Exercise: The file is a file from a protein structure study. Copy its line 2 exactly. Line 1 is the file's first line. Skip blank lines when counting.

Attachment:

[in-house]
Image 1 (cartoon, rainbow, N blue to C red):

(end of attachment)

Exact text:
Image 1 (cartoon, rainbow, N blue to C red):